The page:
The air quality is hazarous throughout Plumas County; it hit 564 in Portola today. Residents are advised to stay indoors if at all possible. Photo by Josh Hart

Dixie Fire’s effects extend beyond the fire perimeter

While the Dixie Fire hasn’t directly impacted the residents of Eastern Plumas County with evacuations or destruction, it is experiencing the same hazardous air quality as the rest of the county.

And while it’s been bad in Portola, hitting an AQI (air quality index) of 564 today, Chester is suffering through an AQI of 834. Both exceed  AQI ‘s maximum of 500. Anything over 300 is considered hazardous.

Plumas County residents should remain inside if at all possible.

The Environmental Protection Agency tells people to think of AQI as a yardstick that runs from 0 to 500. The higher the AQI value, the greater the level of air pollution and the greater the health concern. For example, an AQI value of 50 represents good air quality with little or no potential to a affect public health, while an AQI value over 300 represents air quality so hazardous that everyone may experience serious effects.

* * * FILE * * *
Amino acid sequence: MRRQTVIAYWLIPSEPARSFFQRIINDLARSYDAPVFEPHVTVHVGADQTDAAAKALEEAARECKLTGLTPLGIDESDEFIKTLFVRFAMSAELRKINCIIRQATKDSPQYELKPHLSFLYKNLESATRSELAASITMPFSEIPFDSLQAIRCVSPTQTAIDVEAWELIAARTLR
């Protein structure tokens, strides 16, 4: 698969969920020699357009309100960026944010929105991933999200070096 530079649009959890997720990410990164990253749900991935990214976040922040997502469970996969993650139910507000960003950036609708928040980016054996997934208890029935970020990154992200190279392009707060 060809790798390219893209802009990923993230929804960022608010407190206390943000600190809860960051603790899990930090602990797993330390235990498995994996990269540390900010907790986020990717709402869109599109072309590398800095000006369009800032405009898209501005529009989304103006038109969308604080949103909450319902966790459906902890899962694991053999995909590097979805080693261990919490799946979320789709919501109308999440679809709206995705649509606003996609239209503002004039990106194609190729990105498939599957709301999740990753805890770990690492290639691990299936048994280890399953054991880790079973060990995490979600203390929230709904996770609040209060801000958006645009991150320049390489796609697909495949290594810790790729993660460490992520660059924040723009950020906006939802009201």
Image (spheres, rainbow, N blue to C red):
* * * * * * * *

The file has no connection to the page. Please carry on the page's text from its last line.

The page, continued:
An AQI value of 100 generally corresponds to the national air quality standard for the pollutant, which is the level EPA has set to protect public health. AQI values at or below 100 are generally thought of as satisfactory.

In many U.S. communities, AQI values are usually below 100, with higher values occurring just a few times a year. Larger cities typically have more air pollution than smaller cities, so their AQI values may exceed 100 more often. AQI values higher than 200 are infrequent, and AQI values above 300 are extremely rare—they generally occur only during events such as forest res. You can compare the air quality of U.S. cities and nd out about quality trends in your area by visiting “Air Compare” at